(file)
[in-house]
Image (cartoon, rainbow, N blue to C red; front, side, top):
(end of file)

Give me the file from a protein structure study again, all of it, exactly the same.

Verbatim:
[in-house]
Image (cartoon, rainbow, N blue to C red; front, side, top):